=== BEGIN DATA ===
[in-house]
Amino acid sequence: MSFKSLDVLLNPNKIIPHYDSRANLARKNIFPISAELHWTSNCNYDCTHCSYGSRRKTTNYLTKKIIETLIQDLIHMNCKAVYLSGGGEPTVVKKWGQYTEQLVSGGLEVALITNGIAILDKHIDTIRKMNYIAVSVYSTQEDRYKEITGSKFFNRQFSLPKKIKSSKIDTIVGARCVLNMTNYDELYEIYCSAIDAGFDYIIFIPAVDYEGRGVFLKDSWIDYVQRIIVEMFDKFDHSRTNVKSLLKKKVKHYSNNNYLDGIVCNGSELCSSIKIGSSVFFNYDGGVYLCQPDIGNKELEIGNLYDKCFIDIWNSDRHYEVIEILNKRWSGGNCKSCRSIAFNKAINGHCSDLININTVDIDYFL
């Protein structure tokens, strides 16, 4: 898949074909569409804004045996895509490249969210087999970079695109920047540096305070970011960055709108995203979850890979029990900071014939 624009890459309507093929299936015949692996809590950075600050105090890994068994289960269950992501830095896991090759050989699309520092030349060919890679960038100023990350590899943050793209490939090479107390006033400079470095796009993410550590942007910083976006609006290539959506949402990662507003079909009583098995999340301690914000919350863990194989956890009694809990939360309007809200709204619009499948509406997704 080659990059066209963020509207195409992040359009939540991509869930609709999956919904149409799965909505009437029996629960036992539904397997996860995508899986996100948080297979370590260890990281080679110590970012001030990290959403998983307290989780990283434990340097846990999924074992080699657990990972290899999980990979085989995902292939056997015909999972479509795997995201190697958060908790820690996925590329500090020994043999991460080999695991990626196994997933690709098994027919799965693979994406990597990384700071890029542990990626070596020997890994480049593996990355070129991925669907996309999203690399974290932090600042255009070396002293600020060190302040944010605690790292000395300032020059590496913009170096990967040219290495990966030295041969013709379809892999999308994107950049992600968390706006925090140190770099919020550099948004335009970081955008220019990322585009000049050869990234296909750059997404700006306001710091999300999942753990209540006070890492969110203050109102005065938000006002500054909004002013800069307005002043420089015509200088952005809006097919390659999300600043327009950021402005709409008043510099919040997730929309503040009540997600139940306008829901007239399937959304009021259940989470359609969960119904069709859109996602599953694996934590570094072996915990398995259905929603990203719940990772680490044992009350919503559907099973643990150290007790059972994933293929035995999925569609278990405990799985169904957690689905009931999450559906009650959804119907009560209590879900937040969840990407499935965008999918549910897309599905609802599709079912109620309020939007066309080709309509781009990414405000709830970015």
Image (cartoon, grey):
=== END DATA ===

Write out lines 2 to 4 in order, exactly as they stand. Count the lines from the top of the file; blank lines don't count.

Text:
Amino acid sequence: MSFKSLDVLLNPNKIIPHYDSRANLARKNIFPISAELHWTSNCNYDCTHCSYGSRRKTTNYLTKKIIETLIQDLIHMNCKAVYLSGGGEPTVVKKWGQYTEQLVSGGLEVALITNGIAILDKHIDTIRKMNYIAVSVYSTQEDRYKEITGSKFFNRQFSLPKKIKSSKIDTIVGARCVLNMTNYDELYEIYCSAIDAGFDYIIFIPAVDYEGRGVFLKDSWIDYVQRIIVEMFDKFDHSRTNVKSLLKKKVKHYSNNNYLDGIVCNGSELCSSIKIGSSVFFNYDGGVYLCQPDIGNKELEIGNLYDKCFIDIWNSDRHYEVIEILNKRWSGGNCKSCRSIAFNKAINGHCSDLININTVDIDYFL
């Protein structure tokens, strides 16, 4: 898949074909569409804004045996895509490249969210087999970079695109920047540096305070970011960055709108995203979850890979029990900071014939 624009890459309507093929299936015949692996809590950075600050105090890994068994289960269950992501830095896991090759050989699309520092030349060919890679960038100023990350590899943050793209490939090479107390006033400079470095796009993410550590942007910083976006609006290539959506949402990662507003079909009583098995999340301690914000919350863990194989956890009694809990939360309007809200709204619009499948509406997704 080659990059066209963020509207195409992040359009939540991509869930609709999956919904149409799965909505009437029996629960036992539904397997996860995508899986996100948080297979370590260890990281080679110590970012001030990290959403998983307290989780990283434990340097846990999924074992080699657990990972290899999980990979085989995902292939056997015909999972479509795997995201190697958060908790820690996925590329500090020994043999991460080999695991990626196994997933690709098994027919799965693979994406990597990384700071890029542990990626070596020997890994480049593996990355070129991925669907996309999203690399974290932090600042255009070396002293600020060190302040944010605690790292000395300032020059590496913009170096990967040219290495990966030295041969013709379809892999999308994107950049992600968390706006925090140190770099919020550099948004335009970081955008220019990322585009000049050869990234296909750059997404700006306001710091999300999942753990209540006070890492969110203050109102005065938000006002500054909004002013800069307005002043420089015509200088952005809006097919390659999300600043327009950021402005709409008043510099919040997730929309503040009540997600139940306008829901007239399937959304009021259940989470359609969960119904069709859109996602599953694996934590570094072996915990398995259905929603990203719940990772680490044992009350919503559907099973643990150290007790059972994933293929035995999925569609278990405990799985169904957690689905009931999450559906009650959804119907009560209590879900937040969840990407499935965008999918549910897309599905609802599709079912109620309020939007066309080709309509781009990414405000709830970015």
Image (cartoon, grey):